It's basically a licence for the ISPs to suit themselves, short-sell their customers and hinder competitiveness.
But then Ofcom should have been burnt as an offering to government efficiencies anyway given how much use they are (flame icon).
Thursday 24th November 2011 16:11 GMT Anonymous Coward
Thursday 24th November 2011 16:11 GMT MrCheese
Get ready to pay.......again
Yet more screwing-to-the-wall of yet more punters because these greedy oiks oversubscribed the network in the boom times before they had a clue how people would use it. Throw in the music industry's complete non-response to digital and the subsequent piracy problem, on-line gaming and the insatiable lust for the Cloud and all of a sudden they're crying and wailing about how much pressure we're putting on them without so much as even being honest about hte likely bandwidth.
Traffic management will always happen on any network to boost performance but to do it to make up for the ISP's short fall is insulting
Thursday 24th November 2011 16:12 GMT Simbu
Kiss private investment goodbye...
OFCOM fail again shocker!
Now that ISPs have effectively been told they can piss about with their service however they like, what incentive is there to invest in infrastructure? Things getting slow? Lets throttle P2P! It's still slow? Throttle video streaming! Still slow? Throttle gaming! Where does it end?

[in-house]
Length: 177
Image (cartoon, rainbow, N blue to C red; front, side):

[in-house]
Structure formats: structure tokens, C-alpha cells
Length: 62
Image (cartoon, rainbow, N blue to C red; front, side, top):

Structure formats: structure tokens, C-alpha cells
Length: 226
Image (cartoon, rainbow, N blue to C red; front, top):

This is one massive financial incentive to spend as little as possible.
Thursday 24th November 2011 16:12 GMT Annakan
Who needs freedom and rights when you can have rigged competition and market "pressure" ? :)
Rigged : because how come that all ISP offers the same pricing and soon filtering policies being : "whatever we want when we want".
Since when the society came out of the jungle ? When we decided the jungle was not the best way to foster, all of us. Not only the "strongest ape".
Thursday 24th November 2011 17:11 GMT Anonymous Coward
So ISPs will create a "basic" package, with all manner of throttling, and an "expert" package which costs more, but has less throttling. Then a "high quality" package which throttles, but not all day. Then a "economy" package with a raw speed of 5meg, but a real speed of 64K. Then a "gamers" package, which throttles everything except World of Warcraft. Then a "gamer+" that throttles everything except WoW and Call of Duty.
You get the idea. Whatever happens, it won't be good.
Thursday 24th November 2011 20:35 GMT Anonymous Coward
That would be the inevitably consequence of the "race to the bottom" uswitch.com inspired market we have. You can't have "cheapest ever" and "fastest ever" - something has to give. In that case varied packages that target different market segments to maximise appeal to customers with different requirements at different price points is actually quite a sane solution
Thursday 24th November 2011 17:25 GMT Peter Galbavy
how long until ...
How long until BT find content on virgin media's own website "unacceptable" and block it to "protect" their customers... from competition ? Or visa versa.
Surely Ofcom should - but are too much in the pockets of the big telcos - require a "significant market power" test for arbitrary blocking like this ?
Thursday 24th November 2011 20:36 GMT Grendel
How far can they go before breach of contract?
The real problem is how far they can go before they are in breach of contract? What I mean by this is if I bought "internet access" and then they change it to "crippled internet access" will they let me out of my contract? If they won't let me out of my contract then where's the competitive pressure going to come from? I could end up locked in to a contract for DSL service for a year!